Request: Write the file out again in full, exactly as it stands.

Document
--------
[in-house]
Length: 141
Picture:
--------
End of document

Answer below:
[in-house]
Length: 141
Picture: